Adaptive Convergence in Evolution
In this type of evolution, the organisms with completely different body organization possess superficial resemblance. It means that the organisms of different classes acquire similar characteristics independently and separately to avail similar environment. This is also known as ‘parallel evolution’.
Examples: The most common example of convergent evolution is the development of ‘wings’ in insects, flying reptiles (Draco), birds and flying mammals (Bats). All of them belong to different groups and possess one common character is the “development of wings” for flight.
The aquatic vertebrates - cartilaginous & bony fishes, aquatic reptiles (Extinct - Ichthyosaurs), and dolphins, porpoises and whales (aquatic mammals) are all superficially alike. All these are having stream-lined body with a median dorsal fin, a caudal fins and paired fin. In aquatic reptiles and mammals the forelimbs are modified into flippers. If a layman is asked, he says all are fishes because of their superficial resemblances and environment. But it is clearly evident that their, body organization is markedly different.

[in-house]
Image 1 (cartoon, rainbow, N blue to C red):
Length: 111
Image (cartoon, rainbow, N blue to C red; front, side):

The burrowing mammals - Moles and gophers, forelimbs are modified for digging the soil. But these two belongs to two different orders (Moles- lnsectivora and gophers - Rodentia of the class mammalia.
The convergent evolution leads to the production of analogous similarities among different groups of organisms. This indicates that evolution may lead to superficial resemblances. It could be concluded that in the origin of life from simple to more complex forms, both divergence and convergence have played a vital role. However, the divergence is more frequent at present than the convergence.